Obsessive compulsive disorder - OCD treatment and therapy from NOCD
What is OCDOCD SubtypesWhy do I always think my food is poisoned?

Why do I always think my food is poisoned?

4 min read
Jennifer Dalimonte, LCSW

By Jennifer Dalimonte, LCSW

Reviewed by Taylor Newendorp

Oct 21, 2022

Possibly related to:

It may be OCD

If you find yourself perpetually concerned that your food has been tainted in some fashion—maybe even poisoned—that may be a sign of OCD. We understand what you’re experiencing and want you to know that you are not alone. These concerns likely belong to a subtype of OCD called Contamination OCD; here’s what that might mean.

We have established that you likely persistently worry about your food having poison or unsafe substances in it: possible bodily fluids or parts from those who prepared it, unknown meat substitutes, bacteria, viruses etc. Perhaps you don’t necessarily fear diseases, but you’re more about food having small plastic particles within it, maybe contact solution, battery acid, or bleach? The list is truly endless. It all boils down to concerns with your food somehow having contaminants within it and how it could impact us, others we care about, and those who care about us. All of the above would be identified as intrusive thoughts, or the “obsession” part of obsessive-compulsive disorder (OCD). 

In response to OCD intrusive thoughts, there are often compulsions present: mental or physical actions done in an attempt to decrease our distress response or to keep something terrible from happening. In reality, they only create a false sense of temporary safety before another thought is triggered. In Contamination OCD, there can be a lot of mental compulsions occurring, such as running through worst-case scenarios in your head, worrying about the “what ifs,” and mentally “checking” to see how we are feeling. There can also be physical compulsions, such as repeatedly checking the food itself, or even the physical environment.  You may frequently dispose of food or let it spoil out of fear of what could be within the food. Often, people avoid any places where food could be contaminated, feeling that they are doing their best to keep themselves and others safe.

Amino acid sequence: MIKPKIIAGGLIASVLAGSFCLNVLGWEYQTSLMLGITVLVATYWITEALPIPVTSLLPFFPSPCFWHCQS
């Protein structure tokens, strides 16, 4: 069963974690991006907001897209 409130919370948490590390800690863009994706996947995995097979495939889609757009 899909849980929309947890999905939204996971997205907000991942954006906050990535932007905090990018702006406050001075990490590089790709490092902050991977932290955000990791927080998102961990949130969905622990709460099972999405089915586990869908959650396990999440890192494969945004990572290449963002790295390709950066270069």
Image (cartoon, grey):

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What if my contamination fears are legitimate?

We understand how legitimate these fears can feel; it can be very hard to disregard the lightning bolt of fear that moves through your body when the thought passes, “What if that’s poisoned?” From a young age we are given messages about food safety, proper cooking and food storage techniques, and even coached to check our Halloween candy for possible contaminants. 

Unfortunately, OCD takes this well-intentioned information and distorts the actual risk associated with possible contaminants in food. When it sees any possible risk, it often misrepresents this possibility as a probability: “What if that cake has poison? I’ll die if I eat it.”  This is where OCD gets us: it finds something we fear (death/harm, etc.) and creates rules about how we are able to behave as a result. Suddenly, our very most favorite food has become something we must fear, all because our brain has latched onto the slightest shred of uncertainty about its safety.

How you can treat your fear of being poisoned by food

If you feel that your fear about food being contaminated in some fashion is causing you to suffer, I want you to know that there is hope! Not only are you in the right place to meet others who understand what is happening, but you are in the best place to receive support and learn about treatment that can allow you to live life on your own terms. The best treatment for OCD is a therapy called Exposure and Response Prevention (ERP), that works by helping to identify and challenge your fears without using compulsions. In essence, it breaks the cycle of fear and false safety that OCD has created. 

ERP teaches that thoughts, feelings, and urges do not have to have meaning, they can be background noise. It also teaches that we are able to sit with discomfort and uncertainty, and that we can survive without using compulsions to rid ourselves of perceived danger. The best thing it teaches us is that we can tolerate and even learn to embrace distress over time. 

While treatment is always individualized based on everyone’s own experience with OCD, many will engage in similar exposures during treatment. A specialty-trained OCD therapist will encourage you to be in charge of your own pacing for exposures and will support you as you begin confronting your fears with food and contaminants specific to your fears. 
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Taylor Newendorp

Taylor Newendorp, M.A., LCPC, has specialized in the treatment of OCD since 2011. He is a former clinical supervisor for The Center for Anxiety and OCD at AMITA Behavioral Health Hospital in Illinois, and is currently the Regional Clinical Director for NOCD.